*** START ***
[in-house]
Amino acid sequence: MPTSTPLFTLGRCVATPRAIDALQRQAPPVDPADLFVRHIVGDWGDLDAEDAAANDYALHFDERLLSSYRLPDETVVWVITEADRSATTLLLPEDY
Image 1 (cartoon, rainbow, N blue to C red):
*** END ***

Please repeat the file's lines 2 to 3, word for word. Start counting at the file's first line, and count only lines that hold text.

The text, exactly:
Amino acid sequence: MPTSTPLFTLGRCVATPRAIDALQRQAPPVDPADLFVRHIVGDWGDLDAEDAAANDYALHFDERLLSSYRLPDETVVWVITEADRSATTLLLPEDY
Image 1 (cartoon, rainbow, N blue to C red):